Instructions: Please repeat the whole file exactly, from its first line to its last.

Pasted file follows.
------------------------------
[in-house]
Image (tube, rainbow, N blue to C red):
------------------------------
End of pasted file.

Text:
[in-house]
Image (tube, rainbow, N blue to C red):